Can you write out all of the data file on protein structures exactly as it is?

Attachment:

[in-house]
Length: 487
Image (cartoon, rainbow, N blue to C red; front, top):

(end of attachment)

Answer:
[in-house]
Length: 487
Image (cartoon, rainbow, N blue to C red; front, top):